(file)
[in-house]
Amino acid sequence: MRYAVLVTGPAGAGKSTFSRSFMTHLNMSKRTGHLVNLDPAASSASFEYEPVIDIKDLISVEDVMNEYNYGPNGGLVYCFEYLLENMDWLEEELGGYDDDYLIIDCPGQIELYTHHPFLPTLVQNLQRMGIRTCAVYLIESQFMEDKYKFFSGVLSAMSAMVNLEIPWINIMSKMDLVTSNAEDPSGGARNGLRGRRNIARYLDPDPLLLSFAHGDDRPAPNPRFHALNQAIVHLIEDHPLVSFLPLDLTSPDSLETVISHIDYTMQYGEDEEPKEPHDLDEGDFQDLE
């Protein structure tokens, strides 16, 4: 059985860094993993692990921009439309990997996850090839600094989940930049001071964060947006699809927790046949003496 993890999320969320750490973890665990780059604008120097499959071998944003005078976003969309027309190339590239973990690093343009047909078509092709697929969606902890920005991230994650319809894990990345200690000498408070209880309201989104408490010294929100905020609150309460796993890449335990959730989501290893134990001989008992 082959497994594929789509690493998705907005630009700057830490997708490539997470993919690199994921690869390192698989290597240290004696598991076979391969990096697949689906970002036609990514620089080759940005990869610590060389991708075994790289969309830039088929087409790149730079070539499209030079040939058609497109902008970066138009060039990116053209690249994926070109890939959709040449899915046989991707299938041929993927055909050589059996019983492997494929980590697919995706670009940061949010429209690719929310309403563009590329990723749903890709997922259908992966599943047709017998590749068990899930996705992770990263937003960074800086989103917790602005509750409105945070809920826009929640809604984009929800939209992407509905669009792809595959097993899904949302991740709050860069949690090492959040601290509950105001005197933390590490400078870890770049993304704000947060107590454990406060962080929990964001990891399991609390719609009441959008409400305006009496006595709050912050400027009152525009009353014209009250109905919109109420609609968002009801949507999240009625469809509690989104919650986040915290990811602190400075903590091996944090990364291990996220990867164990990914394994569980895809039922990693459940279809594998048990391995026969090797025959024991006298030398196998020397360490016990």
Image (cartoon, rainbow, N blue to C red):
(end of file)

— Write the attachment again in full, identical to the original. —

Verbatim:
[in-house]
Amino acid sequence: MRYAVLVTGPAGAGKSTFSRSFMTHLNMSKRTGHLVNLDPAASSASFEYEPVIDIKDLISVEDVMNEYNYGPNGGLVYCFEYLLENMDWLEEELGGYDDDYLIIDCPGQIELYTHHPFLPTLVQNLQRMGIRTCAVYLIESQFMEDKYKFFSGVLSAMSAMVNLEIPWINIMSKMDLVTSNAEDPSGGARNGLRGRRNIARYLDPDPLLLSFAHGDDRPAPNPRFHALNQAIVHLIEDHPLVSFLPLDLTSPDSLETVISHIDYTMQYGEDEEPKEPHDLDEGDFQDLE
């Protein structure tokens, strides 16, 4: 059985860094993993692990921009439309990997996850090839600094989940930049001071964060947006699809927790046949003496 993890999320969320750490973890665990780059604008120097499959071998944003005078976003969309027309190339590239973990690093343009047909078509092709697929969606902890920005991230994650319809894990990345200690000498408070209880309201989104408490010294929100905020609150309460796993890449335990959730989501290893134990001989008992 082959497994594929789509690493998705907005630009700057830490997708490539997470993919690199994921690869390192698989290597240290004696598991076979391969990096697949689906970002036609990514620089080759940005990869610590060389991708075994790289969309830039088929087409790149730079070539499209030079040939058609497109902008970066138009060039990116053209690249994926070109890939959709040449899915046989991707299938041929993927055909050589059996019983492997494929980590697919995706670009940061949010429209690719929310309403563009590329990723749903890709997922259908992966599943047709017998590749068990899930996705992770990263937003960074800086989103917790602005509750409105945070809920826009929640809604984009929800939209992407509905669009792809595959097993899904949302991740709050860069949690090492959040601290509950105001005197933390590490400078870890770049993304704000947060107590454990406060962080929990964001990891399991609390719609009441959008409400305006009496006595709050912050400027009152525009009353014209009250109905919109109420609609968002009801949507999240009625469809509690989104919650986040915290990811602190400075903590091996944090990364291990996220990867164990990914394994569980895809039922990693459940279809594998048990391995026969090797025959024991006298030398196998020397360490016990």
Image (cartoon, rainbow, N blue to C red):